A new University of Toronto study found that men whose parents were divorced are at increased risk of stroke, compared to men whose parents stayed together. The research found that men whose parents were divorced before they turned 18 were three times more likely to experience a stroke than men whose parents did not divorce. Interestingly, researchers found no links between parental divorce rates and strokes in women.
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“The strong association we found for males between parental divorce and stroke is extremely concerning,” says lead author Esme Fuller-Thomson.
“It is particularly perplexing in light of the fact we excluded from our study individuals who had been exposed to any form of family violence or parental addictions. We had anticipated that the association between the childhood experience of parental divorce and stroke may have been due to other factors such as riskier health behaviors or lower socioeconomic status among men whose parents had divorced,” explains University of Toronto recent graduate and co-author Angela Dalton. “However, we controlled statistically for most of the known risk factors for stroke, including age, race, income and education, adult health behaviors (smoking, exercise, obesity, and alcohol use) social support,mental health status and health care coverage. Even after these adjustments, parental divorce was still associated with a threefold risk of stroke among males”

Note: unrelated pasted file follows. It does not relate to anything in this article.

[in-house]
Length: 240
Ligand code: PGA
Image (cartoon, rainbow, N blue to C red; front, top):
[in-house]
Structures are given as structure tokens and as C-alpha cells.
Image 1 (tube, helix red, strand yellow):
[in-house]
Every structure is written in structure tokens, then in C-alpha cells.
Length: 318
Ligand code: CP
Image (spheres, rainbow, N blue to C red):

While researchers could not identify a cause for their findings, they did theorize that parental divorce defined stress reactions in young men. These stress reactions determine how men deal with difficult situations for the rest of their lives, which could possibly have physical consequences that elevate stroke risk factors. Researchers also noted the importance of replicating their findings through additional studies.
Strokes and related diseases cause about 10 percent of all deaths internationally, making it the world’s second-leading cause of death.